How to stop snails eating plants naturally – 8 foolproof methods, as recommended by gardening experts

These are the most effective ways to keep snails at bay

Snail in garden
(Image credit: Getty Images)

Knowing how to stop snails from eating plants is one of the biggest concerns among gardeners – but knowing how to do so naturally without subjecting your plants to a number of harsh chemicals is another thing. Thankfully, there are many natural alternatives to keep snails from eating your plants once and for all.

If you've previously dealt with having to get rid of slugs, then you'll likely see a lot of similarities to keeping snails away from your plants and produce. We've learned of many natural methods to keep these pests away from your carefully crafted flowerbeds, including using coffee grounds and eggshells in the garden to create a barrier that prevents them from trespassing.

So, if you want to learn how to utilise these natural methods as well as stock up on a few more to stop snails from eating your plants, we've got the best expert-recommended ways coming up.

Snail in garden

(Image credit: Getty Images)

How to stop snails eating plants naturally

'It's natural for snails to find gardening produce delicious and chew through it. Gardeners are usually able to recognise them by the silver trail they leave behind and ragged holes in the leaves of plants,' begins Petar Ivanov, Fantastic Gardeners' gardening and plant expert.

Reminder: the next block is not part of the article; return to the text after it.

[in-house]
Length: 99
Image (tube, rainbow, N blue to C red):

It's important to preface that snails are a valuable part of a healthy ecosystem, and can be very helpful in a garden as, for example, they can help turn plant waste into compost. Therefore, this isn't about trying to get rid of them completely per se, but rather keeping them under control and away from your prized plants and produce.

'Because of these reasons, simply controlling the population of snails in a garden in a natural way can be a lot more beneficial for the biodiversity and health of your garden,' says Petar.

Snail in garden

(Image credit: Getty Images)

1. Create physical barriers

One of the simplest ways to deter snails from eating your plants is by creating a physical barrier. Petar suggests doing this by using copper tape or diatomaceous earth around the plants. We've previously seen the effectiveness of slug tape for a similar purpose, so rest assured the same can be said for snails.

One thing to note about diatomaceous earth, however, is that it will need to be applied to your soil often as rain will stop it from working.

2. Adding texture to your garden

Similar to creating physical barriers, adding texture to your garden is another foolproof method to stop snails from eating plants naturally.

'Aggregate materials such as gravel, sharp sand, bark, and wood chips can create a barrier to deter snails. This is because they find it difficult to travel across the irregular, shape surfaces that these materials can create,' explains Craig Morley, gardening expert at Budget Seeds.